With the exception of BABIP in ’96, relievers always had better luck than starters. Batters simply don’t get on base as often–upon contacting the ball fairly between two white lines–when they’re facing guys that didn’t throw out the first pitch of the game. And when batters do get on, they don’t get home as often. Relievers mean bad news, if good news means scoring more runs.

Which is why we have to be careful when we issue exemptions to the assumptions of our favorite tools. There are a lot of solid methodologies that go into the formulation of FIP, but FIP is handicapped by the forced assumption that everyone is the same at the things that they supposedly can’t control. Value is the big idea–the biggest idea, probably–and it’s entirely influenced by how one chooses to look at something. In this case it’s pitching, and what it means to be a guy that only pitches roughly one inning at a time. Or perhaps it’s about this: What it means to be a guy who looks at a guy that pitches roughly one inning at a time, and then decides the worth of the guy who pitches said innings, assuming that one wishes to win baseball games.

The A’s and Rays just spent a bunch of money on relievers, after all. And we’re pretty sure they’re not dumb, probably.

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Brandon Reppert is a computer "scientist" who finds talking about himself in the third-person peculiar.

9 Responses to “Pitcher WAR and the Concept of Value”

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  1. Anon says:

    FIP is handicapped by the forced assumption that everyone is the same at the things that they supposedly can’t control

    All the data you presented here only reinforces my dislike for the using the work ‘luck’ to describe almost anything about baseball.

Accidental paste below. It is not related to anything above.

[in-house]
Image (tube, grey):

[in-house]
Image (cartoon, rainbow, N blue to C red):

Also, I do not have the calculations to determine how statistically significant this data is, but it seems very clear that FIP is ignoring some skill(s), which skews the data it presents away from reality.

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  2. Jason says:

    Excellent article. One question I have in the whole starters vs. relievers RA9/FIP, is the status of inherited runners.


    As explained in the above article, starting pitchers are kind of unfairly treated when it comes to inherited runners and I wonder how league-wide cRA9 (from the article, context-RA9 or RE24 based RA9) tracks by year for starters vs relievers.

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    • Jason says:

      The more I try to wrap my sleep-deprived head around it, I keep going back and forth. Over large amounts of innings, the runs allowed would approach the run expectancy tables, so maybe there would be no effect. On the other hand, relievers brought in to face a specific batter usually gain a platoon advantage and probably beat the run expectancy table, which would even widen the relievers’ advantage over FIP.

      So, in conclusion, taking inherited runners into account and assigning ‘blame’ for them scoring according to run expectancy tables would either help starters, help relievers, or have no effect, and I’m just not smart enough to work it out.

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  3. Matthew Cornwell says:

    Tom Tango showed recently that RA is a better indicator of skill than FIP after 6-7 full seasons. It is all about sample size and regression.

    it is no longer a question of pitchers have some impact on BABIP and LOB% and HR/FB, etc. the issue is and always has been how much data is needed to find it among all of the randomness.